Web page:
We also would want automatic generation of instances of Rep
, not unlike the generation of instances for Coercible
.
Rep
into the solver
Integrating comment:19:ticket:9123 shows an intricate solution to a Coercible
constraint. This solution would be hard to find algorithmically. Thus, even though the definition for Rep
above is sufficient, we propose the following implication
(Rep f, Rep g, Coercible f g, Coercible a b) => Coercible (f a) (g b)
as the only way that the solver will dispatch Rep
constraints. Internally, only one of Rep f
and Rep g
will be used, but if we require only one of these constraints, then the solver will be weirdly incomplete. (For example, the solver might know Rep f, Coercible f g
and need Rep g
. How would it know to look at f
?)
This implication is derivable from (Rep f, Coercible a b) => Coercible (f a) (f b)
(the instance above) as follows (using ~
for Coercible
):
Rep f, a ~ b f ~ g
 Rep  App
f a ~ f b f b ~ g b
 Trans
f a ~ g b
Using the enhanced rule (as suggested originally by Edward Kmett) will thus lead to an easier solver algorithm, even though it may permit fewer coercions.
Writing the solver still presents challenges. There are many "overlapping instances" floating around  in other words, the solver may choose to go down a deadend path when a perfectly good path exists. In particular, we must be wary of unification variables that might become more informative. It seems that simplifying a wanted Coercible
constraint that has unification variables present is a bad idea. However, this problem (of increased information) does not exist with skolems, for which the solver will not get more information. Because all solutions are equivalent, we do not care if a skolem variable is instantiated with a type that could yield a different solution. (Contrast to OverlappingInstances, which cares very much about skolems.) We just care that the solver works independent of when unification variables are solved. This may or may not be related to the parameter to GHC's SkolemTv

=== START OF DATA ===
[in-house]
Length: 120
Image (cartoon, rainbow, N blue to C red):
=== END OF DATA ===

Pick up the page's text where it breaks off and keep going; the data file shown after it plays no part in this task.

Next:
constructor. (RAE thinks the ideas are close, but the implementations won't be.)
Conjecture: normalizing newtypes (with respect to inscope constructors) first, before anything else, is a good starting point. Indeed, this idea has been adopted en route to solving #9117 (closed).
Open userfacing design questions
 How far should instance generation go? For example, for the type
newtype ReaderT r m a = ReaderT (r > m a)
the instance
instance Rep m => Rep (ReaderT r m)
can be written. Should this be inferred? I (Richard) can imagine a beefed up role inference algorithm which could figure this out. But, perhaps there exist harder cases that would not be inferrable.

Should users be able to write instances for
Rep
by hand? They cannot do so forCoercible
. 
What should the method in
Rep
be?Coercion a b > Coercion (f a) (f b)
,Coercible a b => Coercion (f a) (f b)
, andCoercible a b => Coercible (f a) (f b)
(definable internally) are all contenders. 
Should we do something analogous for phantom roles?

(Comment from Dominique Devriese) Should
Functor f
haveRep f
as a parent constraint? After all, ifCoercible a b
then we can already convert fromf a
tof b
usingfmap coerce
and the parametricity offmap
implies that it can't function in a typespecific way, so I suspect that, together with the functor identity law, this somehow implies thatfmap coerce
must necessarily function the same as a lowlevel coerce.
Open implementation questions

Currently, all coercions (including representational ones) are unboxed (and thus take up exactly 0 bits) in a running program. (We ignore
fdefertypeerrors
here.) But, Core has no way of expressing functions in the coercion language, and theco
method above essentially desugars to a coercion function. Either we have to add functions to the language of coercions, or we have to keep the coercions generated byRep
instances boxed at runtime, taking of the space of a pointer and potentially an unevaluated thunk. 
The
ReaderT
example definedReaderT
as a newtype. TheRep
instance shown is indeed writable by hand, right now. But, ifReaderT
were defined as a data type, theRep